Archive for the ‘Educon’ Category

Educon 2.3: Focus Question 3

Moving forward, we hoped that this focus question would get our attendees thinking about where to go with all this once they returned home:

What steps / structures can be taken / created to foster improved classroom practice through PLN interactions?

I didn’t see any common themes emerge from these answers (but see below and judge for yourself), but one attendee raised the question (and I’m paraphrasing here), “Why must there be structured steps toward tangible goals?  Can talking/thinking about issues be enough?”  I was sympathetic to this view – I have been influenced in my thinking by several folks in my PLN, but not every philosophical POV translates into specific classroom action.  I would argue, however, that these shifts in mindset will eventually manifest themselves somehow – in the quantity and quality of work assigned, in the decision whether or not to assign homework regularly, and even in how you interact with your students.

I think the SciDo/EngDo collaboratives discussed in my last post are probably the best examples of improved classroom practice as a result of PLN interactions.  It seems that having a more “permanent” (for lack of a better word) structure than the admittedly ephemeral conversations that take place on Twitter is necessary – a wiki to which people can contribute, a Ning such as Classroom 2.0, just something more established than a hashtag chat or random discussion.

See anything in the responses that I’m missing?  Agree/disagree with the need for an established structure like a wiki?  Leave a comment!

Our attendee’s verbatim responses:

* feels natural to translate it
* allowing yourself to fail miserably in front of V-PLN
* challenge yourself
* provide support to teachers who are ‘new’ to social networking.  Make time during school day for this type of engagement.
* Learn to work asynchronously.  Catch kids when they are ready to learn, not when they are scheduled.
* “@ – as much as possible”
* “tweacher”
* how do I find people I want to follow?
* contribute constructively and positively to edu-trends
* triggers from other social interactions – timely
* what is the real value of discussion?
* low opportunity cost!
* if expected value is high, then I will follow up on it
* get to 80%, go, figure out 20% (or more) w/kids
* allowing yourself to fail miserably in front of your v-pln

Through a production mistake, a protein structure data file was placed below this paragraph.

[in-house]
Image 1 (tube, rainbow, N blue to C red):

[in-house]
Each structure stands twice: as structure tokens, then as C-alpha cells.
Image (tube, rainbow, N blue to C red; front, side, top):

* challenge yourself
* ask questions and find people (like- and not like-minded) to help you answer them
* get many opinions & views on issues & problems
* my as home page
* “needs to be in front of me or I’ll forget about it”
* greater sharing can lead to greater opportunities for learning “give to get”
* demonstrate the value in connecting
* sharing is caring
* speak up but speak well
* see it -> self-evaluate -> do it
* is just talking about it enough to make you think in new ways?
* start a blog where you reflect & ask questions.  Use it to link up to other educator blogs and start conversations
* vlogging as often as possible
* follow a Twitter chat
* share lessons & resources – request great lessons from other
* join a professional online community
* co-develop methods with your PLN; all implement – focused crowdsourcing
* create an online portal to share resources among staff.  Have a place where colleagues can ask questions and receive feedback.

Educon 2.3: Focus Question 2

What examples do we have of personal learning networks leading to a change in classroom practice?

One group in our Educon conversation managed to group all the responses to this focus question into four main categories:


The proliferation of Twitter-based hashtag chats was mentioned in our presentation, and that resonated with our attendees.  #Spedchat and #BlackEdu were mentioned specifically as far as influencing “how we speak about students” and “finding edunerds of color on social media”, respectively (side note: if you’d like to join the fun on Twitter, see Ben Wilkoff’s excellent resource for keeping track of all edu-related Twitter chats).  The National Writing Project and their Digital_Is offshoot were also recognized as being highly valuable resources that have had significant presences on Twitter and Facebook.